African Savannah Biology – BIOL 497
BIOL 497: African Savannah Biology in Kenya
Travels during Winter Break
Prerequisite: Any applicable life-science, environmental, ANSC, or ANTH course and consent of instructor
A course that embraces multiple components of biology and allows students to integrate much of what they have learned in their previous courses, all while discovering the beauty and majesty of the Maasai Mara National Reserve in southern Kenya. This class focuses on field ecology, integrates components of biology, and shows how students can present their work to peers and the general public. The field study involves basic practice such as collecting ecological data and analyzing it with respect to a question. Students will become familiar with components of outreach, interact with local Maasai villages and learn how to capture images, take videos and use these media approaches to illustrate a concept and produce a short film.
The course describes the biology of the African Savannahs, the ecology of species interactions, and the adaptations and the selective pressures that shape community structure. The class describes processes that cross boundaries of scale from the details of pathogen-host interactions all the way through to large-scale ecological processes that, for example, shape tree response to (and recovery from) fires and browsing. The course is geared towards being in the field where students are shown what they have been taught, then undertake behavioral and ecological research projects with this knowledge. Students discuss the scientific method in detail, learn about hypothesis formulation, and collect and analyze data. Science outreach will be emphasized as students are taught how to compose and take photographs with digital cameras and take video that can have an impact.
Check out what students experience in Kenya - in 360° video:
Immersive 4K videos from BIOL 497: African Savannah Biology
BIOL 497 students are eligible to apply for the following scholarships (among many other financial opportunities), some depending on students' individual circumstances:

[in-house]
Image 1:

- Embedded Programs Scholarship ($1,000) from the Penn State Office of Global Programs
- Science Global Experiences Scholarship ($250-$1,000+) from the Office of Science Engagement
- Global Student Access & Success Scholarships ($500-$2,000) from the Office of Global Programs
- Student Engagement Network Grant ($2,000) from the Student Engagement Network
- Schreyer Ambassador Travel Grant (variable amount) for students in the Schreyer Honors College
Apply through the BIOL 497 Qualtrics application here
Next offered over Winter Break 2023-24
Frequently Asked Questions (FAQ)
- When does the course run?
This 3-credit course starts in early November with a series of evening meetings and preparation activities at University Park before we travel to Kenya. Students will leave on December 26th 2023 and we must all meet in a hotel (TBA) in Nairobi on December 27th. We will return to Nairobi on January 7th 2024 and we will fly out that evening with overnight flights back to the USA. There will be some follow-up meetings during the following Spring semester in which people will make presentations and get feedback on their final projects.
- When will I be able to apply for the course?
Applications will be considered until September 15.
- What is the cost of the course?
Approximately $5000 which covers the cost of everything. The cost of flights is highly variable but we plan to make selection as early as possible so you can book flights early.
- What is the application process?
Complete an application form online that will be available in early September. These will be assessed and accepted candidates will be selected continuously throughout the application period until 12 students are accepted and the roster is full (e.g. rolling admission). We seek individuals keen on natural history, seeking field experience, and those interested in relevant fieldwork research careers. Some candidates will be interviewed.